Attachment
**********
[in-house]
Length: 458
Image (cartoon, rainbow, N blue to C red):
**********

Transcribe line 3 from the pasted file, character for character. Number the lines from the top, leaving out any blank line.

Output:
Image (cartoon, rainbow, N blue to C red):